Thu, 5 June 2014
Is power different than influence? Absolutely. One can be influential without having a lot of power. But as power increases, it gives you more ability to influence. On this episode, Kurt and Steve discuss some examples of when power is used and what the long term implications are. Many times as persuaders, parents, co-workers, we fall into the influence/power cycle. We want somebody to do something and we first try with "carrot." But once somebody refuses or doesn't comply, we go to the stick. This is a mistake.
There is a difference between using power and using force. When somebody uses power ethically, we are happy to be persuaded by them. When somebody uses force, they jeopordize the long term relationship. Is there ever an instance when using force doesn't ruin the relationshp over the long term? Kurt relates this to the "emotional bank account" as first discussed by Dr Stephen R Covey. If we ever have to use force, we must make sure that we buffer that with many more postiive interactions.
Kurt and Steve then discuss various examples and stories of when people have used force too early and too often. While force might be necessary sometimes in short term interactions, it never works when a relationshp needs to be preserved for the long term.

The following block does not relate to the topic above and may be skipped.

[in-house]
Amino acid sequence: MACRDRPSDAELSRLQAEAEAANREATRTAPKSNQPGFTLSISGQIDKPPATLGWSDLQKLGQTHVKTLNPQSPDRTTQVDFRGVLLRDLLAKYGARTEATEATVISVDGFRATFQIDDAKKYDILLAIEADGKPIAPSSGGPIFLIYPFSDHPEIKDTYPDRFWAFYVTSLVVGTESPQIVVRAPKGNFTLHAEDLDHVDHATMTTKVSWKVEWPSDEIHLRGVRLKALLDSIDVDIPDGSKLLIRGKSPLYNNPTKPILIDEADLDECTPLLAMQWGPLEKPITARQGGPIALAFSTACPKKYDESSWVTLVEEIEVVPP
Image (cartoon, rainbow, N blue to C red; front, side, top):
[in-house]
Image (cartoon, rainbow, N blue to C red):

How do we create genuine power that will help supercharge our business? "Authority" power is key. Set the expectations (in a humble way) that you are in charge and are the boss. "Expert" power is also important. When people perceive you as the expert you automatically have more power due to your knowledge. Tactfully letting your prospects know you are an expert (without vomiting features and benefits all over them) will give you expert power. This is most effectively done when it's presented by third parties. That's why companies with great online reviews through services like Yelp continue to grow. Their expertise is projected to the public...but it's done by third parties so it doesn't come across as arrogant or condescending.
Finally, Kurt and Steve discuss instances when you want to fake like you don't have any power. Kurt references the tv series "Columbo." Playing dumb can sometimes give you the time you need to make a better decision. It also reduces resistance. In many persuasive encounteres, those who appear less powerful are much more effective. You should decide on a case by case basis which is more effective: project a powerful presence? Or go "Columbo?"